And so in moments like these, when we are all seeking sense, building towers of thought and politics, I understand the fumbling words people say and don’t mean, the beautiful heretical tributes, the plastic crosses and empty prayers, the haunting hallelujah song and the comfort we find in trite verses. I understand we are all trying to make sense of it all—using whatever we understand to make our way there.
We are all looking for a Savior in the hollow places. We are all betraying our theology of belief or unbelief. We are looking for someone to make a way, make sense, make whole.
So be gracious in days like these, hold the gospel near if you believe it is truth, and if you don’t, come near, come and drink. God is not a God who promises answers, even to His children, but He does bind up the brokenhearted and set free the captive.
He was once a Father who set up a cross in a moment of unspeakable tragedy too.
“He shouts, breaking in, throwing his grand cloak over our unrighteousness, our unworthiness, our most tender parts and our weakest shames. She’s mine! He says. He’s mine! He says. I’m claiming this weary soul. I’m calling its worth.
A few weeks ago I tweeted the following quote from You’ve Got Mail, “In the last mayoral election when Rudy Giuliani was running against Ruth Messenger, I went to get a manicure and I forgot to vote.”
The response was overwhelming. People love that movie—and there’s no reason not to. Email love? Golden retrievers? Shops around the corner? Bouquets of freshly sharpened pencils? I mean, really? People love that movie. I love that movie. But the point of the tweet was missed I’m afraid.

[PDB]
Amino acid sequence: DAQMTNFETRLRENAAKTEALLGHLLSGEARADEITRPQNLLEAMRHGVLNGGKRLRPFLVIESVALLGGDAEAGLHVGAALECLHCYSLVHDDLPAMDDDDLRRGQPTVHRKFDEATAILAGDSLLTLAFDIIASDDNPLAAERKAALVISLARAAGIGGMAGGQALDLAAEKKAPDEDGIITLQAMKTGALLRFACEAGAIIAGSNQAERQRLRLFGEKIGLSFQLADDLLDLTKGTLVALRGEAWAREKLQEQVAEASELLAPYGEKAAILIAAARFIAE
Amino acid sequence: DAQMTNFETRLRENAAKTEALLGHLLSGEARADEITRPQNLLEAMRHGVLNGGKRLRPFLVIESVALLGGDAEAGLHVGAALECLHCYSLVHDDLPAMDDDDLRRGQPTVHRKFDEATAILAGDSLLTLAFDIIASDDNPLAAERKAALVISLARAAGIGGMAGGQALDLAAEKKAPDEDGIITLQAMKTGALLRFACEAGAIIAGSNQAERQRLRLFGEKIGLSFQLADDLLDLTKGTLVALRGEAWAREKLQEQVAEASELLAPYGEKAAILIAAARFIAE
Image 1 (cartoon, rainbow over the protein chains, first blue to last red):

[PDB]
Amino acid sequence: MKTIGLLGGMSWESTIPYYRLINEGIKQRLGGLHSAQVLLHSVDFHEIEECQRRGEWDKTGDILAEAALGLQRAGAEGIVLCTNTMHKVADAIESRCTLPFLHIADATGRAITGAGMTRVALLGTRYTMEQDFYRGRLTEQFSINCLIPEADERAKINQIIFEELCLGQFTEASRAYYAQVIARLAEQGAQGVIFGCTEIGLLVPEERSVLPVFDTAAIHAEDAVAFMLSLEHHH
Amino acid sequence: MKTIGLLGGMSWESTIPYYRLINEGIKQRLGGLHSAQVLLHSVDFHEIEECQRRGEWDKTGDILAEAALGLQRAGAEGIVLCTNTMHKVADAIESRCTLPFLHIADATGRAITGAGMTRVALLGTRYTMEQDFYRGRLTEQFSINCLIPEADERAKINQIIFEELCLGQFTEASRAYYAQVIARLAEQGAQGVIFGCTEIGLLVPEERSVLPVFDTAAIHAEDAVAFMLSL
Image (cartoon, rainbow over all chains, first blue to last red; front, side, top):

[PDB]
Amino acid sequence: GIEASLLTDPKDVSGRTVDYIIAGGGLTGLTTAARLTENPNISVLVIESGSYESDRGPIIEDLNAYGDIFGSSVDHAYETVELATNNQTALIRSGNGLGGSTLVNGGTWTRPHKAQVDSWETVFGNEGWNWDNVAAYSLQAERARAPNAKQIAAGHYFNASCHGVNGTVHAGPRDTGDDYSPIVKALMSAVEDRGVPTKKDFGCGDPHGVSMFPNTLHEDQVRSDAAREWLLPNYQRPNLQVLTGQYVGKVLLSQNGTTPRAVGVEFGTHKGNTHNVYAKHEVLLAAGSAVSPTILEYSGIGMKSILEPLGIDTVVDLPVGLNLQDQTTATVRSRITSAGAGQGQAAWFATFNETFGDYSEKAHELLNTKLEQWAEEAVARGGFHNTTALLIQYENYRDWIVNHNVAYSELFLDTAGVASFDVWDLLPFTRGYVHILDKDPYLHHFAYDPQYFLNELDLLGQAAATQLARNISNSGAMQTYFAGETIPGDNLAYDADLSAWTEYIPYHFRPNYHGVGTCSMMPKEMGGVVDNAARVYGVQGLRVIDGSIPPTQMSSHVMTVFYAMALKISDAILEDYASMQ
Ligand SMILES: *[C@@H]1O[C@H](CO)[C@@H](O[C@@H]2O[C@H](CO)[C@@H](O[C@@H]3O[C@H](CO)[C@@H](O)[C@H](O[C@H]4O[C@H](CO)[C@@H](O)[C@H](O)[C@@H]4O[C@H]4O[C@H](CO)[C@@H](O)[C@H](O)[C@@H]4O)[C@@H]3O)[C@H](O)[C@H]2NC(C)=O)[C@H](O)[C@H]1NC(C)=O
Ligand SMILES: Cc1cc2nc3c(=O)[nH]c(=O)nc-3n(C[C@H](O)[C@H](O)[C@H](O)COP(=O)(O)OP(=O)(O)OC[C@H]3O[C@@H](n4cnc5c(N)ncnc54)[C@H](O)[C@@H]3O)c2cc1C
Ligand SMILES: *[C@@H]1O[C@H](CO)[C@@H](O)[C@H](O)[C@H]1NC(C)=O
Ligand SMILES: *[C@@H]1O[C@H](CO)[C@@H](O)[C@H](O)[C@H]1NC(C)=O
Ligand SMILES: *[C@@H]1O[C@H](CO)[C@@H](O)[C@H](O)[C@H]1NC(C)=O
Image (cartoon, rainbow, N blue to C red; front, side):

Two years ago I moved to Texas. New York was the most recent place I’d lived, so I still had my NY drivers license, and was in no rush to plant my roots here, so I kept it. Plus I was having a good hair day when the photo was taken and good drivers license photos are like good men—they’re hard to find, so when you have one, keep him.
The thing is, I still have my NY license. Which means, technically, I’m still a resident of NY. Which means, literally, if I voted in this election, I’d have to vote as absentee New Yorker. Fine and good except I forgot and then it was too late and I think technically I’m not even registered anymore and even I was, I wouldn’t be voting my party, etc. So in this presidential election, while Barack Obama is running against Mitt Romney, I live in Texas and forgot to vote.
When people tell me it is my “God-given right as an American to vote,” I want to offer them a slice of pie, one made from earthworms and one made from mice innards. Not because I’m a mean person, but because it’s their right to vote and it’s also their right to say “No, thank you.” Having the right to choose something does not necessarily mean the options are something your gut will agree with.
Before you take offense at me comparing the incumbent or his adversary to earthworms and mice innards, the allegory works best if you realize that neither pie looks very appetizing from this point of view.
When people assume that because I will not be voting in this election it is because I don’t understand, nor appreciate the men and women who have fought wars to give us this right, I will remind them I have two brothers recently back from Iraq and Afganistan and I know full well what is at stake here.
When people talk about lesser of two evils, I ask if they had a choice to jump off the Brooklyn bridge or jump off a five story building which would they choose? Well, I’d rather not jump at all, they would say, and I rest my case. If I am adamantly opposed to more than 60% of each candidates’ position (and I am), why would I punch that ballot?